Being different is a fundamental feature of any religious commitment. Faith leads us to a different perspective on life, to different priorities, different principles, and these call us to step aside from the default behaviour of those around us. When this happens, the manner in which we go about being different is at least as important as the difference itself.
The prophet Daniel was taken away from his home and marched 1000 miles to a strange city where he knew nothing of the language, the culture or the customs. Having been identified as a young man with great potential he embarked on an intensive course of cultural transformation. He was given a new name, learned a new language and was thoroughly trained in the ways of Babylon.
However, Daniel did not want to lose his Jewish faith, and sought to be different in some significant way. So he resolved to keep to the dietary customs of his national and religious heritage. He declined the rich food and drink of the Babylonian court, and resolved to eat only vegetables, and drink only water.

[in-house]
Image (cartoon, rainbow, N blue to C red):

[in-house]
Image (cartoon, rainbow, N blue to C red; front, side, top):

The important part of this story, however, is the way in which Daniel went about this. He was polite, and courteous. He discussed the idea with his superiors, and adapted his plan to accommodate their concerns. He also proposed a trial period after which his plan could be reassessed. This was far from being a defensive or self-righteous protest.
In the decades that followed, Daniel held firmly to his dietary difference and his routine of private prayer. He did so politely and discreetly, and earned great respect for his beliefs at the highest level.
It is to be expected that people of faith will be different in some aspects of their lives, but this is not a justification for imposing our opinions or our practices on others, nor inconveniencing them in the cause of our own beliefs. We need to be helpfully different, respectfully different, self-sacrifically different and - like Daniel - politely different.